Space scientists are so fascinated by the possibility of taking a close look at an alluvial fan on Mars that they very nearly chose a different spot – a site that appeared to be the petrified remnants of a river delta.

“The place we landed looks pretty darn interesting,” Grotzinger said. “We want to check it out.”

Curiosity will explore the alluvial fan, and then “head for the hills,” Watkins said.

Curiosity’s primary mission is expected to last for at least one Martian year, or 687 Earth days, a luxury compared with primary missions of previous Mars projects that lasted months. What’s more, the nuclear-powered rover could easily operate for twice that long – four years – officials said Monday.

Still, the presence of solid science within arm’s reach was something of a relief for senior space officials, who knew that Curiosity would otherwise face pressure to “blaze out across the plains,” as Grotzinger put it.

“We’re in no hurry,” said Pete Theisinger, Curiosity’s project manager. “We have a priceless national asset here. And we are not going to – pardon the French – screw it up.”

Scientists said their initial reviews of Curiosity indicated that its geochemistry instruments – lasers that can vaporize rock, scoops that can ingest dirt to test for the presence of minerals – survived the landing and would operate properly.

The spacecraft could have survived landing on a slope steeper than many expert ski runs. But it found a far gentler angle, landing with its nose pointed down at less than 4 degrees.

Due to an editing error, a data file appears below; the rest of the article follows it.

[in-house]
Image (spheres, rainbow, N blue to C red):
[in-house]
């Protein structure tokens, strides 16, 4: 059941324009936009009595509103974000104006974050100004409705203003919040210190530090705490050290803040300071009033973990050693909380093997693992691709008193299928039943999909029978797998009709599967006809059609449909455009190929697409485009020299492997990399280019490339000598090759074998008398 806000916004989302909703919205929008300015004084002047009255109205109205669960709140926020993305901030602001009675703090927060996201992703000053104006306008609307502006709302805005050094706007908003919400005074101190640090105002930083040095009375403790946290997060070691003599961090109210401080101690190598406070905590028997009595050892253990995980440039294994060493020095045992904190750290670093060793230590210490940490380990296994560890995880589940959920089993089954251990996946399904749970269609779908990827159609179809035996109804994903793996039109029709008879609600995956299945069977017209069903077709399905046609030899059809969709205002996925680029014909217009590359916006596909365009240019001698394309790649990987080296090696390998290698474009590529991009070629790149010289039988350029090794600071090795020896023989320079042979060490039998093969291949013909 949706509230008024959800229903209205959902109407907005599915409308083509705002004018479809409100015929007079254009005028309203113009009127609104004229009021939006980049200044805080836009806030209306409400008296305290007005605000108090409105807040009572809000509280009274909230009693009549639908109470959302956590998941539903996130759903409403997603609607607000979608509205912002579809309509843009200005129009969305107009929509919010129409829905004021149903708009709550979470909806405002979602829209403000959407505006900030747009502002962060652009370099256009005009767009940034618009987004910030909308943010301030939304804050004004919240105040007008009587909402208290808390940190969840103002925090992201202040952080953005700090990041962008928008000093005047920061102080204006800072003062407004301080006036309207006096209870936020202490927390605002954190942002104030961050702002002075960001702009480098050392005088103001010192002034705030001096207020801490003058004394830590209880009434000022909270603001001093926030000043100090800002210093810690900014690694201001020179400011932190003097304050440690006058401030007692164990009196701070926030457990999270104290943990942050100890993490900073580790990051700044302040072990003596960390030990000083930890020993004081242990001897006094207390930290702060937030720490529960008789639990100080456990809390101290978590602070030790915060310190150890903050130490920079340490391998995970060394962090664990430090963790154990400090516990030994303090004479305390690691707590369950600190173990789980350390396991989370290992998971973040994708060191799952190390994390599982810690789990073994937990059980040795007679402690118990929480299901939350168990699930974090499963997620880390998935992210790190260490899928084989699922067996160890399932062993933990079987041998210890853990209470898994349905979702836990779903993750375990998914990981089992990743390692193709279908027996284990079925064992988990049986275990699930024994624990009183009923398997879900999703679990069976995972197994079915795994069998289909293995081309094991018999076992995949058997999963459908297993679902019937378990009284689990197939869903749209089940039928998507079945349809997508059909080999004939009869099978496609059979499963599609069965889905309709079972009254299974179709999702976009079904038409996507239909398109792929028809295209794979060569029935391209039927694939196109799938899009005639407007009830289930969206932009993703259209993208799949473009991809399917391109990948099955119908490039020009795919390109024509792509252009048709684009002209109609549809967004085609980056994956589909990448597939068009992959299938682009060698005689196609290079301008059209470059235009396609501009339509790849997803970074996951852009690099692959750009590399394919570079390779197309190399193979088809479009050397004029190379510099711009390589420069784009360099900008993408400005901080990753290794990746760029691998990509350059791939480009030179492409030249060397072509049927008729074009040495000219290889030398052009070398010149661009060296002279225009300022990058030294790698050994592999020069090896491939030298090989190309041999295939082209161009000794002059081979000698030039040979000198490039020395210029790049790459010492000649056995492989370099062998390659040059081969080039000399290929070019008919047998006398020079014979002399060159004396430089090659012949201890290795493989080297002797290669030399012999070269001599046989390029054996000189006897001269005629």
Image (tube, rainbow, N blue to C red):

Scientists also released an extraordinary photograph taken during Curiosity’s landing sequence by a passing satellite. The photo clearly showed Curiosity in its final seconds of flight, headed toward Mars beneath a fully inflated parachute.

The image was captured by a camera on the Mars Reconnaissance Orbiter known as HiRISE, which also played a key role in NASA’s choice of Gale Crater.

“HiRISE has taken over 120 pictures of Gale,” said JPL scientist Sarah Milkovich. She smiled broadly. “But I think this is the coolest one.”

By Monday, Curiosity’s success – so widely followed that NASA’s websites crashed in the minutes after the landing – had instantly reinvigorated proponents of deep-space, planetary exploration.

NASA, like many government agencies, faces an uncertain financial future. President Barack Obama’s proposed NASA budget for the 2013 fiscal year, $17.7 billion, was fairly flat. But it prompted the space agency to make difficult decisions, including a $300 million cut to planetary science, JPL’s specialty.

The cut bewildered critics because it was made in what is viewed as a golden age in robotic space exploration, with the Mars program NASA’s crown jewel. Proponents of robotic exploration have worked to restore $100 million and pledged to seize on the enthusiasm generated by Curiosity to fight for the rest.

Rep. Adam B. Schiff, D-Calif., said in an interview that deep-space backers would also try to get canceled Mars missions “back on track.” NASA, for example, had pulled out of two partnerships with the European Space Agency to explore Mars. Those missions are considered important because they could lead to technology allowing for soil samples to be returned from Mars to Earth – a critical next step in the search for signs of life.

“I hope NASA will be infected by the enthusiasm and will reconsider,” Schiff said. “It’s what the public wants. We owe a lot to the Mars program. NASA should not forget that.”

Caltech President Jean-Lou Chameau agreed that Curiosity is “energizing public support” for space exploration. “We’re going to work very hard to ensure that there is sufficient funding and that the U.S. stays on the leading edge of space exploration,” he said.